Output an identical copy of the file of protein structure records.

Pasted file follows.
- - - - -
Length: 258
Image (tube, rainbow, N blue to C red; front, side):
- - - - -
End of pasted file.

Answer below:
Length: 258
Image (tube, rainbow, N blue to C red; front, side):